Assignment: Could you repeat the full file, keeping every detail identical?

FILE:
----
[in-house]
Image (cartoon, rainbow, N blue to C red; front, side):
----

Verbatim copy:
[in-house]
Image (cartoon, rainbow, N blue to C red; front, side):